We have heard quite a long time that the traditional computer dies, but it is not completely dead yet. Business analyst firm Gartner and IDC tackle the figures differently, but both agree that sales of traditional computers were up in some regions, far up in Q2 201
Although both companies reported market growth in this year's PC sales, their actual figures differed . IDC reported growth of 4.7% in the second quarter, where Gartner reported only 1.5%. The two companies' regional sales figures in the US were even stronger, with Gartner claiming a loss of 0.4% and IDC claiming a "high one-digit profit."
We talked to the IDC's Jitesh Ubrani about the difference, and it turns out that two companies are not completely agreed on what is or is not a traditional computer. IDC counts Chromebooks as traditional computers but does not count Microsoft Surface tablets; Landscaping counts the surface but does not count on Chromebooks. The higher numbers from the IDC indicate a stronger market for Chromebooks than Surface, which should not be a surprise to anyone with children in North American schools, where the cheap and easily locked Chromebooks are ubiquitous.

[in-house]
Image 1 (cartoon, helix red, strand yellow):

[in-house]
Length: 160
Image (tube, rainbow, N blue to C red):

Analysts from both companies agree that a trade war between the USA and China has not yet damaged PC sales, but each one wins it a little differently. Gartner's Mikiko Kitigawa warns: "Most laptops and tablets are currently manufactured in China, and the sales of these units in the United States may face significant price increases," while IDC's Jitesh Ubrani appears to be more focused on short-term sales growth rates. trying to eradicate future prices, saying, "the fear of increased tariffs and a potential trade war are big topics of conversation but do not reveal a concrete increase in demand yet."
We also asked Jitesh about the sharp difference between US and Canadian sales figures, the US market has been substantially flat while the Canadian market has seen growth in 12 consecutive quarters, with growth of 11.0%, the highest growth rate of nine years. Jitesh attributed much of this growth to Windows 10 upgrades, with Windows 7 end of life (EOL) just around the corner in January 2020.
US companies and organizations face the same EOL date that Canadian do, but Jitesh – who is Canadian himself – The attributes difference to the Canadian market is "moving faster" than its US counterparts. This struck us as a polite way of saying that Canadians are actually going to hit the January 2020 deadline, where many US companies and organizations will release it and call for months and years to come.